JPEG/TIFF Image Size & Quality

The Pro90 features ten different resolution / size combinations. In RAW mode you shoot only at 1856 x 1392, in JPEG you can choose from compression settings of Super-Fine, Fine and Normal at sizes 1856 x 1392, 1024 x 768 or 640 x 480.

Standard Test Scene

To give an impression of what each combination of image size and quality produces the table below is a cross reference of image size against quality with an original image available for each, all images were shot within seconds of each other of the same subject. We've resaved the RAW shot as a TIFF for the purists out there who want to see what a RAW file would look like up-close, we have made the original RAW file (.CRW and .THM) available if you wish to manipulate the RAW file (you can use the downloadable G1 or D30 TWAIN modules they appear to work fine with these RAW files).

Sections below are 200% magnified crop of a 240 x 100 area of the image.

1856 x 1392
Acquired and saved as 8-bit TIFF (4,686 KB) / CRW

1,471 KB
787 KB
372 KB

1024 x 768

535 KB
282 KB
144 KB

640 x 480

235 KB
129 KB
69 KB

Difference between Super-Fine JPEG and RAW? If you simply import the RAW files as is (using the camera settings) it'll be extremely difficult to see any difference between Canon's excellent Super-Fine JPEG (very light compression) and RAW. However, RAW provides lots of flexibility you can't get out of JPEG, you can alter the white balance, contrast, sharpening or saturation settings before importing, something impossible with JPEG. That's because the RAW files are simply that, raw data which has come directly from the camera's imager (CCD) before any in-camera processing has taken place, this can be seen as the true "digital negative".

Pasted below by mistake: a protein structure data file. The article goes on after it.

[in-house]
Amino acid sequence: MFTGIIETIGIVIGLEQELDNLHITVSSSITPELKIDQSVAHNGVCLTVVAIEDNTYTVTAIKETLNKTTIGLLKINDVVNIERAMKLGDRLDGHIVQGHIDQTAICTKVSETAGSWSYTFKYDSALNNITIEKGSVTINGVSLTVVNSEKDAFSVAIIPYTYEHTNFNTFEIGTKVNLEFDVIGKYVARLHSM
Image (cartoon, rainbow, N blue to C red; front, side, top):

For more information on RAW files read the page I wrote for the G1 review (everything written there applies to the Pro90's RAW files).

ISO (Sensitivity) Adjustment

ISO equivalence on a digital camera is the ability to increase the sensitivity of the CCD to allow for faster shutter speeds and/or better performance in low light. The way this works in a digital camera is by "turning up the volume" on the CCD's signal amplifiers, nothing is without its price however and doing so also amplifies any noise that may be present and often affects colour saturation.

As with the G1 the Pro90 offers a cleaner, slow ISO of 50, it obviously requires well lit situations and enables the use of large apertures (small F number) in even very brightly lit situations. Below are crops from four samples, in order ISO 50, 100, 200 and 400.

ISO 50, 1/10s, F2.8
ISO 100, 1/20s, F2.8
ISO 200, 1/40s, F2.8
ISO 400, 1/50s, F3.5

As we saw on the G1 there's a progressive (expected) increase in visible noise from about ISO 100 upwards, ISO 50 being very clean (but only useful in good light). I'd say there seems to be a little more noise at ISO 400 than on the G1. If you use AUTO ISO the camera will automatically choose either ISO 50 or ISO 100 depending on available light.